we looking at in terms of a biotech business plan? Well, biotechnology investment is long-term, and the
time frame, the period of time from when the company initiates until it exits is quite different from some
businesses, for example, software or IT companies. The time frame to an exit, particularly for a wet
biotech company, is measured in years and not in months. Traditionally, the scope of a biotech business
plan is three to five years, and that is dependent upon where the technology is to start with and how
long it’s going to take to get it to market.
By the way, a business plan can either be a whole company plan, or it can look at being a separate plan
for R-and-D and then a separate one for marketing. In my standalone company, we used to do formal
written yearly plans for the board of directors, which had seats for our major investors. Interim reports
were also made orally at individual board meetings, which were mostly internal, but on a regular basis,
we actually looked at aspects of a business unit plan and compared it overall to our goals.
What are the key research questions? I emphasized that putting a business plan together is a research
opp deal. Lost the word there. What are the research questions? Well, this slide actually outlines the
real questions for both the company and for potential investors. Therefore, each of these questions
need to be answered in your business plan. Very quickly, is the product viable? Who are the customers?
Who’s the competition? What is the market like? Who’s on the management team? And what are the
future needs for both capital, and what are the financial goals? And lastly, what is your exit strategy?
Now we come to the real fun part. We’re going to actually start skipping through the individual sections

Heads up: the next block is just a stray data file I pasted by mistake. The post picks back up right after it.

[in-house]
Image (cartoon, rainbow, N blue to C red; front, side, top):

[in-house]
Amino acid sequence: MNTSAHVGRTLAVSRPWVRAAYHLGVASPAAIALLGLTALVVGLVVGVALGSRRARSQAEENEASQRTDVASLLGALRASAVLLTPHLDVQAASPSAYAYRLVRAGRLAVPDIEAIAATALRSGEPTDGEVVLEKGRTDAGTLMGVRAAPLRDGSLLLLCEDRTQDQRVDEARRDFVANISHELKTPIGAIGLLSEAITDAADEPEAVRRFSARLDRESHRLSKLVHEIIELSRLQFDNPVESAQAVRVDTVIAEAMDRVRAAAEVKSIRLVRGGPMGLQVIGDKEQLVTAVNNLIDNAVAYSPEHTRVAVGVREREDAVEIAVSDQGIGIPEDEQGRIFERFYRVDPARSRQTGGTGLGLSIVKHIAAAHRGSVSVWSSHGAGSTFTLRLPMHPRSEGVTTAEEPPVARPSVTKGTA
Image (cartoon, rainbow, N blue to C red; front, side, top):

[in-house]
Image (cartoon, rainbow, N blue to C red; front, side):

of a business plan. Right at the top of the document, you have an introduction, and it should start off
with a short summary. And this is not the executive summary. This is a different section, and it should
concisely state what the company will do and what it’s products will be.
There also should be a company vision statement, and that’s a concise, one or two sentences that
everyone in your business knows and can speak to other people by heart essentially. Then, there’s the
mission statement. I used to say that there’s only been only three or four mission statements. Most of
them were written by Harvard Business School Graduates. But essentially, all the mission statements
that are really effective will really elegantly present the company’s vision a little bit more in detail than
the vision statement will. The mission statement also should not be too rosy. Something like, “We’re
going to be the first billion-dollar company making widgets” doesn’t necessarily work well as a mission
The opportunity section discusses the reasons for starting the company and why it can succeed. The